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January 01, 2013

South Asia: A Memorial of Mrs. Q

Mrs. Q, a joyful woman of faith from a Muslim background who blessed many people throughout her long life, entered the presence of the Lord on December 21, 2012. She and her husband lived out their faith in the most difficult of circumstances.

  • Family

    Over time, Mr. and Mrs. Q led their entire family of six children to the Lord.

  • Matriarch

    Mrs. Q (left) pictured with one of her daughters-in-law.

  • Faith

    Mrs. Q (right) and her family endured many hardships as they lived out their faith.

Mrs. Q, a joyful woman of faith from a Muslim background who blessed many people throughout her long life, entered the presence of the Lord on December 21, 2012. She and her husband lived out their faith in the most difficult of circumstances. This memorial of Mrs. Q comes from TEAM's Dave Davis, who knew the Q family well.

Mrs. Q’s faith story began in a dusty village in South Asia. A short time after Mr. Q’s first wife died, he married the young Mrs. Q. They were both Muslim, but Mr. Q came to Christ soon after they married. Mr. Q’s faith journey started in 1936 when a worker named Willie visited his village. Willie had the gas cap of his vehicle stolen by scoundrels who thought it was a fun thing to do to the “white man”. Mr. Q felt bad about it, so he went and found the gas cap, rode his bicycle for seven miles to where the worker was camped, and returned the gas cap. The worker served him tea and biscuits and offered him a New Testament as a thank you.

Mr. Q was a Hafiz – one who has memorized the whole Qur’an. Mr. Q saw Jesus in the Qur’an as he read it, so he began reading the New Testament to find out more about Jesus. He found that it rang true to him. Mr. Q took a bus to visit a worker named Bill, and they talked together, after which Mr. Q put his faith in Jesus. After several days of reading, praying, and learning with Bill, Mr. Q asked him, “Now what should I do?” Bill told him to go home and live his faith. Mr. Q did. He told Mrs. Q that he had become a follower of Isa (Jesus). He (a man) asked her (a woman) to forgive him for how he had mistreated her in their marriage, something that is never done in their culture. Mrs. Q was flabbergasted and thought, “I know you want something – so I’m just going to watch…”. She assumed he was softening her up so he could take another wife. She carefully watched Mr. Q’s words and actions and noticed a remarkable change. Mr. Q was no longer angry or abusive. He no longer beat her. She saw such a difference in her husband that she told him, “I want what you have.” So they traveled by bus back to talk with Bill, and she too put her faith in Jesus.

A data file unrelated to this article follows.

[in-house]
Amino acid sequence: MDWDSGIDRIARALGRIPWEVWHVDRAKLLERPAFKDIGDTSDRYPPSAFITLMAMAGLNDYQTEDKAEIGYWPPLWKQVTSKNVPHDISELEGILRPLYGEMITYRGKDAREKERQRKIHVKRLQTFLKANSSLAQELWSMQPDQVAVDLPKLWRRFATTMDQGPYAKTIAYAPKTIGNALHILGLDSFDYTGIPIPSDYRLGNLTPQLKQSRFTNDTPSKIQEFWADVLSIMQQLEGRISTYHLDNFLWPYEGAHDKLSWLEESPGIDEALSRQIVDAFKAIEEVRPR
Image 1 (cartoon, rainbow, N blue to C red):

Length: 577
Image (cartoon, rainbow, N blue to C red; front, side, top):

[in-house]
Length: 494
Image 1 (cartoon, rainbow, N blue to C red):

In the early years, their faith was tested many times, including when the village people thought that some official village pressure would cause Mr. and Mrs. Q to recant. They joined forces and boycotted all of Mr. Q's family. The peak of that initial persecution came when they were forbidden to visit and draw water from the village well.

In rural South Asian cultures, the well is the social center of the village. It is a twice-daily task to go and get water for family needs. In the veiled society of Islam, the social contact at the well is vital for survival. Women gather there to get the latest gossip and to have contact with their female neighbors. Mrs. Q's family was now without water, and more importantly, they were cut off socially from the entire village. This was the ultimate boycott and a strong signal that the villagers did not like what the family was doing. Mrs. Q now had to go almost two miles for all their water for drinking, bathing, and cooking.

Mrs. Q and the family endured that hardship stoically. Over a period of months, the Christian community raised money and helped Mr. Q hand‑dig a well and install a hand pump within the family courtyard. Now Mrs. Q no longer needed to go so far for water.

What happened next comes only from the providence of God. The well used by the villagers dried up, and now, there was only one well in the village – Mr. Q’s. When the women came to Mrs. Q to ask about getting water from their well, she opened her courtyard door and told the villagers, "As long as we have water in our well, you are welcome to it." The villagers could not understand why Mrs. and Mr. Q, against whom they had acted, would turn around and be kind to them. Mrs. and Mr. Q told them, “the only reason is that God changed our hearts” by removing all the grudges they had against the villagers.

Mrs. Q lived as a believer among Muslims in their village and later in a big city for several decades. One by one over the years, her children, one son and five girls, have come to know Christ personally. Mrs. Q was blind in the end, but still had a wonderful laugh and eyes of faith in the Lord. She is now in her eternal reward.

-Written by Dave Davis, TEAM Placement Coordinator
-Photos provided by Dave Davis